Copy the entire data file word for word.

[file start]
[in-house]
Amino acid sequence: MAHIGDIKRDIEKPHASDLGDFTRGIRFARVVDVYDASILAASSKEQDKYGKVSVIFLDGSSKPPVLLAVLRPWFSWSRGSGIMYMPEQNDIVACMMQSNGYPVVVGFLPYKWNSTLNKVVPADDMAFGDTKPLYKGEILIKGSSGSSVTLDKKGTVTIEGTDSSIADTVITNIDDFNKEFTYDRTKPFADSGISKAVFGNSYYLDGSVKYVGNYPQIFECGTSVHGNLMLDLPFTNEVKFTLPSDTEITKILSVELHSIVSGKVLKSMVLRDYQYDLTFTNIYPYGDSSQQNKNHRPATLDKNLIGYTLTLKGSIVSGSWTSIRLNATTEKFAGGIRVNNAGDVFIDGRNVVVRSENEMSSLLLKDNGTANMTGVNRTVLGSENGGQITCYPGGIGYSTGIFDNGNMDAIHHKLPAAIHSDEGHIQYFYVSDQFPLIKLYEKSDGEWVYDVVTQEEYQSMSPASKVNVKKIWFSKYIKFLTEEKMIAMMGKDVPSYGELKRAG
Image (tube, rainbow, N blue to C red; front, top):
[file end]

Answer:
[in-house]
Amino acid sequence: MAHIGDIKRDIEKPHASDLGDFTRGIRFARVVDVYDASILAASSKEQDKYGKVSVIFLDGSSKPPVLLAVLRPWFSWSRGSGIMYMPEQNDIVACMMQSNGYPVVVGFLPYKWNSTLNKVVPADDMAFGDTKPLYKGEILIKGSSGSSVTLDKKGTVTIEGTDSSIADTVITNIDDFNKEFTYDRTKPFADSGISKAVFGNSYYLDGSVKYVGNYPQIFECGTSVHGNLMLDLPFTNEVKFTLPSDTEITKILSVELHSIVSGKVLKSMVLRDYQYDLTFTNIYPYGDSSQQNKNHRPATLDKNLIGYTLTLKGSIVSGSWTSIRLNATTEKFAGGIRVNNAGDVFIDGRNVVVRSENEMSSLLLKDNGTANMTGVNRTVLGSENGGQITCYPGGIGYSTGIFDNGNMDAIHHKLPAAIHSDEGHIQYFYVSDQFPLIKLYEKSDGEWVYDVVTQEEYQSMSPASKVNVKKIWFSKYIKFLTEEKMIAMMGKDVPSYGELKRAG
Image (tube, rainbow, N blue to C red; front, top):